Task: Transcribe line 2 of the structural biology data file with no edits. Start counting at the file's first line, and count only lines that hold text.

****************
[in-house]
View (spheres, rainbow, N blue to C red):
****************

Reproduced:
View (spheres, rainbow, N blue to C red):